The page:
[plt-scheme] redex: leveraging generated checks and coverage
Thanks a lot Casey, this is all very useful. Some more questions/
comments:
>> * What kind of interesting properties can be checked with
>> check-reduction-relation?
>
> check-reduction-relation is most useful for testing that reduction
> preserves some property. For example, you might use it to test the
> following: if an expression e has no free variables, and e reduces to
> an expression e', then e' has no free variables.
>
> check-reduction-relation often works better than redex-check when some
> of your relation's cases are unlikely to apply to a random term. For
> example, (redex-check L e (stays-closed? (term e))) probably won't
> generate many tests that exercise a call-by-value beta rule, because
> matching its left-hand side E[((λ (x ..._1) e) v ..._1)] requires an
> expression in which
>
> 1. there is an application in the evaluation context's hole,
> 2. the application's function position is a lambda,
> 3. the application supplies the correct number of arguments, and
> 4. all the arguments are already values.
>
> (check-reduction-relation R stays-closed?) will get better coverage
> because it extracts the beta rule's left-hand side from the definition
> of stays-closed? and does something like this
>
> (redex-check L (name e (in-hole E ((λ (x ..._1) e) v ..._1)))
[not sure what that 'name' here is]
> (stays-closed? (term e)))
ok, so is it right then that stays-closed? must internally call apply-
reduction-relation,
or does check-reduction-relation work as follows:
1. generate a term (matching the left handside of a rule)
2. take a reduction step
3. apply the property test
?
>> for instance, I would imagine useful to check that all well-formed
>> program
>> reduces to either a value, or a well-defined error. Ie. something
>> like:
>>
>> (check-reduction-relation red
>> (λ (t)
>> (redex-match lang ((store (l_1 v_1) ...) v_2)
>> (apply-reduction-relation* red t)))
>>
>
> For this property you're probably better off with redex-check.
> check-reduction-relation generates tests from the relation's left-hand
> sides. This guarantees that every program it tries takes at least one
> step, which probably isn't what you want here, because it guarantees
> you won't detect programs that are stuck from the get-go.
>
>> Except that means I have to write rules each and every strange
>> program that
>> can be produced.
>> Still, is that good practice? or is that over-specification?
>
> If you want to test this property, I see two options.
>
> 1. Reduce these strange programs to an explicit state that represents
> unspecified behavior. This is what the R6RS formal semantics does.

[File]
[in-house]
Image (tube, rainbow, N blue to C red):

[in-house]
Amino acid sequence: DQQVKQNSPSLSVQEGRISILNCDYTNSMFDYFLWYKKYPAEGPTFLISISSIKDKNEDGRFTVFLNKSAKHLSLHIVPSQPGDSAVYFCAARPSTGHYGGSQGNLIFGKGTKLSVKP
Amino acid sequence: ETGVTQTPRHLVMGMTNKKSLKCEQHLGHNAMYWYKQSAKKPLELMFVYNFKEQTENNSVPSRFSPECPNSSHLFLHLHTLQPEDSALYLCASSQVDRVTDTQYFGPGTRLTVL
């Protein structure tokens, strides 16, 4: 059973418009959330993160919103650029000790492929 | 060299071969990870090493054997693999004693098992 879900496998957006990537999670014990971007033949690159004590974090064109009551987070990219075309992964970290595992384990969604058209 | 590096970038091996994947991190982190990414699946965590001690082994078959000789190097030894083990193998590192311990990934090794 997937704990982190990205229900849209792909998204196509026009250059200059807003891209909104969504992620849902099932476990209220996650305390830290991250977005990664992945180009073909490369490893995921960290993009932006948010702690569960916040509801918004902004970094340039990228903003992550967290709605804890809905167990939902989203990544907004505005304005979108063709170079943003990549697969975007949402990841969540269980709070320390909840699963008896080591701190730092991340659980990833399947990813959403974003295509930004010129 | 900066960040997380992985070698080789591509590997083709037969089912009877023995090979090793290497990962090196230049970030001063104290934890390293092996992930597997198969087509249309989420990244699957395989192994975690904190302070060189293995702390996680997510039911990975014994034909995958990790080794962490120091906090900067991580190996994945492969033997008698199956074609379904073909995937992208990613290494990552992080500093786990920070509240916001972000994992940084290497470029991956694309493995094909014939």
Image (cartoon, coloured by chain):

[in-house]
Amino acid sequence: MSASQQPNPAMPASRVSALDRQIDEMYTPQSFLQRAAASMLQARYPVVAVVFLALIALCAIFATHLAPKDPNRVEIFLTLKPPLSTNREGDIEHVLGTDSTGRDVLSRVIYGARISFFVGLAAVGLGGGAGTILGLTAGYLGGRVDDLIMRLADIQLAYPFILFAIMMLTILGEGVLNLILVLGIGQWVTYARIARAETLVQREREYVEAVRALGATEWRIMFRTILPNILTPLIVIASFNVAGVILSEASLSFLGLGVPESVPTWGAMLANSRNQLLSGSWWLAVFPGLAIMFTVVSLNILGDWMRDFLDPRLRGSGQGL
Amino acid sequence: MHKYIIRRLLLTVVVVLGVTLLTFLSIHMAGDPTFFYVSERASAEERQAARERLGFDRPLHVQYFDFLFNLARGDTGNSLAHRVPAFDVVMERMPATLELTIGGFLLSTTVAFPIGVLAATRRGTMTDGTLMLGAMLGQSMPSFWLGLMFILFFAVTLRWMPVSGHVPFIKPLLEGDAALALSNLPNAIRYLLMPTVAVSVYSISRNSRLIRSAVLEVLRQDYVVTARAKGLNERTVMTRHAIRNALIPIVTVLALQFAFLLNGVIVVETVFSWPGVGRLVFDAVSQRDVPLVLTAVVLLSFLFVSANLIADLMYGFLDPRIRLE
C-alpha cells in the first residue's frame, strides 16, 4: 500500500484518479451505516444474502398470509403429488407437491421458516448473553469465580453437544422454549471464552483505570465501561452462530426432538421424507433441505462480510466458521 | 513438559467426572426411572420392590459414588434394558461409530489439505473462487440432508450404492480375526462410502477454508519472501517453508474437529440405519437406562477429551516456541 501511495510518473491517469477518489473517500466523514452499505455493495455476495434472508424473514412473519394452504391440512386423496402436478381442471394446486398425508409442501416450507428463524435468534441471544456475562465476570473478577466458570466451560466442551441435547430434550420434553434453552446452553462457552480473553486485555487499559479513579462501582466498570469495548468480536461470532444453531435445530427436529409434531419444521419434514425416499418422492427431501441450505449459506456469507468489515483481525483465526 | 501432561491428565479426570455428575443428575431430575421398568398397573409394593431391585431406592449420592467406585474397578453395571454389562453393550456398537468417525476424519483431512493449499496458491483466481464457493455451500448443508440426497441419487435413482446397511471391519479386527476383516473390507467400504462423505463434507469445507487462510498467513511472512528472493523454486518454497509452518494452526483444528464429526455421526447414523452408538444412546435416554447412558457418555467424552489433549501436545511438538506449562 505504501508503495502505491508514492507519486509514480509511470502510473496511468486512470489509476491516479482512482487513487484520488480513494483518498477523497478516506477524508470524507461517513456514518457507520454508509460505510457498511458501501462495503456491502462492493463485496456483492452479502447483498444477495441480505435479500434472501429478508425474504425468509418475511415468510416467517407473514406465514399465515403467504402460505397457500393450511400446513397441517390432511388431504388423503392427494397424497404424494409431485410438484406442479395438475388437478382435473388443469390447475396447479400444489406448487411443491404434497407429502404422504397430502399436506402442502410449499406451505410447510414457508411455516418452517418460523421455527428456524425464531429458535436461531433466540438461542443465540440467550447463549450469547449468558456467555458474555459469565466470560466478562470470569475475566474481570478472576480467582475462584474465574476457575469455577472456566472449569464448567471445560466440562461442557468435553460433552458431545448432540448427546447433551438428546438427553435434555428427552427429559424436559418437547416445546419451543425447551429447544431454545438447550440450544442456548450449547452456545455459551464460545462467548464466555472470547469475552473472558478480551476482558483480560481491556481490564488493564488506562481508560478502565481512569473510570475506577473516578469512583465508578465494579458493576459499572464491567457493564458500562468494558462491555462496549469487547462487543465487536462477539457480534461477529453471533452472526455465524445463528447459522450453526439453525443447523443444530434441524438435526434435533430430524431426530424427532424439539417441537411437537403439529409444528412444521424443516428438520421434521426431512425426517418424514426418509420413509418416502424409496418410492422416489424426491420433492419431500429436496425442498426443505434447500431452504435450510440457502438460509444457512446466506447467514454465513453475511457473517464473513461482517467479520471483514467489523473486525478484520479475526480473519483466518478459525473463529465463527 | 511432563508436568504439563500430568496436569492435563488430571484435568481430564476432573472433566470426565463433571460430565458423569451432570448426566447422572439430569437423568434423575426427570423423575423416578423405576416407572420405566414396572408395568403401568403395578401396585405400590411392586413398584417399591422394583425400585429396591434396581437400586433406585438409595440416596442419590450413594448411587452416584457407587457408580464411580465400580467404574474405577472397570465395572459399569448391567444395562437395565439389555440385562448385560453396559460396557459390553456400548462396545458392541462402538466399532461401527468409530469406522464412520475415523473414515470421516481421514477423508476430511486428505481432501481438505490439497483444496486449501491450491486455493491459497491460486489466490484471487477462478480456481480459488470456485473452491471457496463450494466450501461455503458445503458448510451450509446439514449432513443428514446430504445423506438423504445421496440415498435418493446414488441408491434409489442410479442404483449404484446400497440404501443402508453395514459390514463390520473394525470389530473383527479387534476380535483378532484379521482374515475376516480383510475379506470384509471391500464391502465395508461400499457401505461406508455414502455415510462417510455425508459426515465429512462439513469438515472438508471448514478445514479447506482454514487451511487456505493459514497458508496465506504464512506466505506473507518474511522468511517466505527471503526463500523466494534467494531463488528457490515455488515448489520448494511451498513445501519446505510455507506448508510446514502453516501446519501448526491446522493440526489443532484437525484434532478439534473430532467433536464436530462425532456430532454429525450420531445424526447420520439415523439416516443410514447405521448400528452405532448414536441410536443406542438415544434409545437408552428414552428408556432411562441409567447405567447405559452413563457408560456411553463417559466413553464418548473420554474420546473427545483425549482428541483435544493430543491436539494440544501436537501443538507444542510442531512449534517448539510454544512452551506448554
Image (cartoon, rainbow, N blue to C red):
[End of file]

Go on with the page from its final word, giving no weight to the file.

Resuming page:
>
> 2. Write your predicate so that it detects strange programs and lets
> them off the hook without testing that they produce values.
That's exactly what I did in the meantime, and it seems to work.
I have a reduction relation that reduces mal-formed terms (eg. term
where the locations in the store are not unique) to bad terms, and I
have a bad-term predicate.
Then I check as follows:
;; deterministic
(check-reduction-relation
red
(λ (t) (let ((res (apply-reduction-relation* red t)))
(or (eq? 1 (length res))
(bad-term res))))
(I do have to limit the number of attempts otherwise I blow memory...)
>> * I was surprised that using a property that does not call reduction,
>> check-reduction-relation was able to determine some ambiguity in a
>> metafunction (same clause gave possibly different results given the
>> same
>> term)
>> a) how did it get to the metafunction? (my property function was
>> just a
>> print function)
>
> My guess is that one of the relation's cases is guarded by an
> ambiguous metafunction.
>
> [...]
>> b) what kind of testing does it do exactly? (to determine the
>> above, it must
>> have run it several times with the same term, at least)
>
> This test doesn't actually have anything to do with what
> check-reduction-relation tests. Redex always checks that your
> metafunctions are actually (partial) functions.
Well, prior to playing with check-reduction-relation, I built my test
suites and so on, and redex never complained about these ambiguities.
So what do you mean by "Redex always checks..."? when is that check
actually done?
>> * At times, I get:
>> check-reduction-relation: unable to generate pattern <pattern-here>
>> in <x>
>> attempts
>> what am I supposed to learn from that? (from a language design
>> point of
>> view)
>
> My guess is that you have a side-condition somewhere that Redex is
> having trouble satisfying randomly.
> [..]
right, that may definitely be the case
> (define-language M
> (q (side-condition number_1 (= (term number_1) 12345431))))
>
>> (redex-check M q #t)
> redex-check: unable to generate pattern number_1 in 100 attempts
>
> This error message should really include the side-condition part of
> the pattern since it's that part, not number_1, that's actually
> causing the difficulty. I'll fix that.
That'd be better indeed.
> I'm looking into some approaches that will make Redex's test case
> generation better at satisfying arbitrary side-conditions, but that
> will take some work.
>
> For the time being, maybe this message should be a warning instead of
> an error. What do you think, Robby?
maybe useful to have a silent/warning mode.
>> * Finally, I really enjoy the coverage report for a reduction
>> relation.
>> There does not seem to be a similar functionality for
>> metafunctions, though.
>> It would be nice if I could get confidence that my test cases, in
>> addition
>> to testing all reduction rules, actually cover each possible path
>> in the
>> metafunctions (ie. telling me, for each metafunction, how many
>> times each
>> clause has matched).
>
> I'll add a metafunction-coverage parameter that works like relation-
> coverage.
Cool! I look forward to that!
Cheers,
-- Éric